We’re currently experiencing the second recreational marijuana awakening – this time in a legal way – but researchers are also working hard at discovering the medical benefits of its compounds.
According to a new study, marijuana could delay and keep at bay Alzheimer’s disease and its damaging effects on the brain. In spite of the promising nature of this news, it is yet premature to claim that pot has the power to prevent age-related brain disorders.
A team at the Salk Institute has proved that tetrahydrocannabinol (THC), one of the main compounds found in marijuana, is an active contributor to the elimination of amyloid beta, the toxic proteins associated with Alzheimer’s disease.
The findings could offer new insight into this neurological disorder and the role of inflammation. In turn, further research could pave the way to new and more efficient drugs.
However, take this research with a spoonful of salt and put the pipe down. Researchers noted that the protective effects of marijuana were tested on lab-grown neurons, which means they’re not yet sure if the same effects apply on living human beings.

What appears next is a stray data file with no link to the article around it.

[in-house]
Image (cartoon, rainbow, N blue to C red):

At the same time, the study did not focus on the fact that marijuana could have negative effects on the aging brain, so it’s still too early to claim pot could miraculously cure Alzheimer’s, or even just protect it from the disease.
Even though previous research had already shown that cannabinoids, also found in marijuana, could protect the brain, this new study is “the first to demonstrate that cannabinoids affect both inflammation and amyloid beta accumulation in nerve cells,” explained lead author David Schubert.
These toxins are believed to greatly contribute to the development of damaging plaque in the brain, but scientists are still searching for the exact role played by amyloid beta in the process.
In the experiment, Schubert’s team used nerve cells altered to produce high amounts of amyloid beta. When left untreated, the cells would inflame and lead to higher rates of death.
However, exposing the cells to cannabinoids caused the levels of amyloid beta proteins to be reduced. Neurons were able to survive thanks to the consequent disappearance of the inflammation. It seemed as if the compounds found in marijuana were protecting the cells from dying.
Alzheimer’s might be stove off by pot, but researchers also need to be mindful of its negative effects.
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